And so the phenomenon is starting to grow. The large cellular companies say they aren’t worried about this, but one has to think that in the Boardrooms they are keeping an eye on this trend. For now there are issues with using these products. One is data security as it’s fairly well known that public WiFi hot spots are loaded with danger for users. This has to be the case whether you are hitting a hot spot with a PC or a cellphone.

I know that personally I will probably stick to a bigger company plan. When I travel it is more often to out-of-the-way places than to big cities. And those kind of places generally have coverage of some sort by the big carriers, but are often uncovered by smaller carriers like Sprint and T-Mobile. I would not like to find myself in a small town for a few days with no cellphone coverage. Other than that travel, I work at home and could easily use my own WiFi rather than pay for cellular.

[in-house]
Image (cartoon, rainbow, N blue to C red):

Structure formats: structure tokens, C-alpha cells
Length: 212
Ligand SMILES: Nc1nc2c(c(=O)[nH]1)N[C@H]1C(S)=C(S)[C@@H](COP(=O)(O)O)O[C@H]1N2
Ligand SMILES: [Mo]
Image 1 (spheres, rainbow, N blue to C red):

For the product to be competitive, it’s also going to have to be usable on the major phones being sold. Not having this product for the iPhone or Samsung Galaxy limits the target audience. For now the small carriers like Republic load their own proprietary software on the phones they sell to users. But as that turns into a downloadable app I could see this product picking up a lot of traction in cities.

AT&T and Verizon are right to not be worried about this today. But if you look forward a few years this could grow into a significant competitor to cellular. Which, even if it doesn’t mean a loss of a lot of customers for the big companies, will mean overall lower prices for cellphone plans. That is something they ought to be worried about.

 

The Battle to Track Your Cellphone